Your ZIP code is your business

Most store clerks who ask for your ZIP code aren't concerned with security. They want to use it to sell you more stuff.

By MSN Money Partner Apr 4, 2013 3:12PM

This post comes from MSN Money contributor Mitch Lipka.


Teenage girl buying clothes at till, close-up © Lisa Stirling, Digital Vision, Getty ImagesHow many times have you gone to a store and had the clerk ask for your ZIP code? Most consumers probably assume the question has something to do with using a credit card.


But it usually doesn't. You're just as likely to get asked the question if you pay with cash. It's about marketing -- collecting information about you and your purchases to sell you more things because adding your ZIP code to other information on file can help add to data being collected about you and your shopping habits.


You can just say no when asked, and privacy experts say you should.


The issue resurfaced last month when Massachusetts' top court ruled that stores in that state may not ask customers for their ZIP codes, which is considered to be "personal identifying information."


And the talk about being asked for your ZIP code got another nudge this week from The New York Times, which asked and answered the question about why stores ask for this information.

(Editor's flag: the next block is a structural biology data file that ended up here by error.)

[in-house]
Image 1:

While there can be a chance you're being asked the question for some security reason (the Times noted that American Express offers merchants the choice of using a ZIP code to help prevent fraud), most times a consumer is asked, it’s the retailer packaging up details about you. That information either can be sold to data brokers or marketing companies or used by the stores themselves for their own marketing purposes as well as to help make decisions about where they might want to open new locations, for instance.


(It's different, by the way, when you're asked at a gas pump; that is for security reasons.)


Paul Stephens of the Privacy Rights Clearinghouse said while some reasons for being asked -- such as determining the location of a new store -- are mostly benign, many of the ways the ZIP code can be combined with other information about you can be quite invasive.


"A ZIP code coupled with a customer name can be shared with a data broker to obtain a great deal of information, such as the customer’s home address, phone number, email address, lifestyle, and spending habits," he said. "The retailer might then send the customer junk mail, engage in telemarketing, sell the information to other businesses and marketing companies, or share the information with members of a data cooperative."